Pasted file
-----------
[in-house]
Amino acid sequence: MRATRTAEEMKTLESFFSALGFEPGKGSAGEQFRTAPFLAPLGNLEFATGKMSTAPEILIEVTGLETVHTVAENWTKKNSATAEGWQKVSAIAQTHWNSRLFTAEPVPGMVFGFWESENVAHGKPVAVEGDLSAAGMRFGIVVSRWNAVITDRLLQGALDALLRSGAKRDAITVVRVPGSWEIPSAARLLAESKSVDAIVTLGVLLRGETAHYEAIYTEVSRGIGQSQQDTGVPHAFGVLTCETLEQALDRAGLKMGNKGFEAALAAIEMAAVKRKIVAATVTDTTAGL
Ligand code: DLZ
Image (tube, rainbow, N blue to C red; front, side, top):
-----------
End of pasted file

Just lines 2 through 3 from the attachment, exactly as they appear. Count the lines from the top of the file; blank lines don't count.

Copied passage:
Amino acid sequence: MRATRTAEEMKTLESFFSALGFEPGKGSAGEQFRTAPFLAPLGNLEFATGKMSTAPEILIEVTGLETVHTVAENWTKKNSATAEGWQKVSAIAQTHWNSRLFTAEPVPGMVFGFWESENVAHGKPVAVEGDLSAAGMRFGIVVSRWNAVITDRLLQGALDALLRSGAKRDAITVVRVPGSWEIPSAARLLAESKSVDAIVTLGVLLRGETAHYEAIYTEVSRGIGQSQQDTGVPHAFGVLTCETLEQALDRAGLKMGNKGFEAALAAIEMAAVKRKIVAATVTDTTAGL
Ligand code: DLZ